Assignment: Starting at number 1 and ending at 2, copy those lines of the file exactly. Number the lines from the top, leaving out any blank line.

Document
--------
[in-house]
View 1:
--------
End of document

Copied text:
[in-house]
View 1: